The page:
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Recently, the Law Society of England & Wales president Simon Davis met up with Asian-mena Counsel’s Patrick Dransfield and answered a series of questions put to him on behalf of the In-House Community.

 

Asian-mena Counsel: When you took up the position of president of the Law Society in July 2019, you articulated the main themes for your office as “promoting the role of solicitors in upholding the rule of law; sustaining an open profession and jurisdiction; and building a top-class in which all solicitors, whether they work in a firm or in-house, offer the best service to their client”. What have been the successes of your tenure? How would you define the legacy you will be passing on to the next Law Society president?

Simon Davis: When I first became president it was not uncommon to hear solicitors asking “How is the Law Society relevant to me?” I made it clear that one of my goals by the end of my presidency was for solicitors to be saying instead “What would I do without the Law Society?” Little was I to know that a crisis of terrible proportions would arise which required the Law Society to step forward to keep the wheels of justice turning, the public protected and solicitors supported as they in turn tried to keep the system of justice afloat.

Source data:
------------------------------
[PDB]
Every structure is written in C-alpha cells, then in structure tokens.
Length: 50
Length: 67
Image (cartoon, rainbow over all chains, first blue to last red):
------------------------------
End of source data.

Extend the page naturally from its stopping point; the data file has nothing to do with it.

The way in which the Law Society’s full-time teams and volunteer members have put their shoulders to the public/professional wheel makes me proud. Without credit being due to me, I am quite sure that large numbers of solicitors now appreciate what the Law Society means for them.

Leaving aside the virus, the Law Society has been very visible in being a resource for government as it seeks to negotiate a Brexit outcome which does not damage unnecessarily the close links which exist between the legal professions in the UK and Europe, and enables the citizens and corporates to choose their own lawyers, and the laws that suit them, and have those choices respected by the UK/Europe. We have also fought the corner of underpaid legal aid practitioners with cash for the first time in 20 years coming into that beleaguered part of the profession. The legacy that I will be passing on to David Greene is one I hope of a thriving and relevant Law Society leading the way in a time of crisis.

AMC: Common law, as practised in the UK, has been defined as “less is better” — everything is permitted that is not expressly prohibited by law. The EU’s approach has been defined as “more is best” — to legislate in anticipation of every eventuality. In retrospect wasn’t Brexit — or something akin to Brexit — inevitable given the incompatibility of these legal philosophies?

SD: I do not believe that the difference in legal systems contributed to Brexit, any more than us speaking different languages. I have no doubt that Brexit was our symptom of a worldwide mistrust of globalisation and a desire for greater individual national identity. The challenge now is for the UK and Europe to stand together in the face of this virus and to make sure that Brexit does not hinder the free flow of data, experience and expertise which will be needed to deal with other global challenges coming down the road.